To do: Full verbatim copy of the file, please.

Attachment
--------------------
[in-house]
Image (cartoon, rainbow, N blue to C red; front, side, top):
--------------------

[in-house]
Image (cartoon, rainbow, N blue to C red; front, side, top):